Beautiful U Day focuses on campus, world environment

Emily Banks

It’s no coincidence the University’s spring cleanup activities take place two days before Earth Day.

Today’s Beautiful U Day includes events that not only spruce up the campus, but also make people more aware of the natural environment and the role they can play in the future of the campus and the Earth.

Coordinator Lori-Anne Williams called the day a “celebration” to highlight the physical and natural resources on campus. It gives students and faculty members a chance to step back and notice the landscape, the river and the buildings, she said.

Today’s activities provide a simple way for students to get involved and improve environmental awareness by picking up trash and sprucing entryways, Williams said.

“People will ask themselves, Did I drop that piece of trash? And we start taking care of each other,” she said.

Minnesota Public Interest Research Group decided to tie two of its issues – fair trade and sustainability – to Beautiful U Day, said MPIRG program coordinator Kate Suchomel.

“Fair trade is important, because we believe that you should be supporting the farmer who’s producing the coffee beans when you drink a cup of coffee,” she said.

To promote fair trade and sustainability, the group will hand out reusable coffee cups at Coffman Union.

“We really encourage people to think about the environment beyond the years that we’re going to enjoy it,” Suchomel said. “To think about what we’re going to leave for our children and our children’s children.”

Williams said she can’t say every student should stop driving and take the bus, or never eat food with disposable wrapping because that would be impractical.

“But there are little things we can do every day, and they’ll add up,” she said.

Williams recommended drinking coffee from a reusable cup, paying attention to the number of napkins needed at a restaurant and recycling.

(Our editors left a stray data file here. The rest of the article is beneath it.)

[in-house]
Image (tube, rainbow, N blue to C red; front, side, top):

Williams estimated 3,000 to 4,000 people attended or participated in Beautiful U Day events last year and that about a dozen student groups currently are involved in environmental causes.

“There are lots of students who really care, I think there’s a lot more awareness now,” she said.

Every year she goes through the list of student organizations to find the ones with ties to sustainability and environmental awareness. The student organic farm in St. Paul, Cornercopia, will provide an information table today and plant trees Friday, she said.

Fisheries and wildlife professor Jim Perry said students who are concerned about the environment could become involved in environmental groups on campus or help out on Beautiful U Day.

“You can actually make a change,” he said. “There are a lot of people in these clubs who are doing a heck of a lot of work and making a big contribution to making this a better campus and reducing our off-site impact.”

The campus itself has a lower impact on surrounding areas because of the work of students on campus, he said. And when the water quality improves on campus, it improves elsewhere, too.

The “spring rejuvenation” this year expanded to include University campuses across the state, Williams said. The dates already have been set for the next 10 Beautiful U days.

“The more we talk about these things,” Williams said, “the more people are going to understand what the issues are and how easy it is to live a more sustainable life.”